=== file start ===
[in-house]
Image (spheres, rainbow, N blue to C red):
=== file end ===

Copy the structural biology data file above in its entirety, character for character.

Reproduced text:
[in-house]
Image (spheres, rainbow, N blue to C red):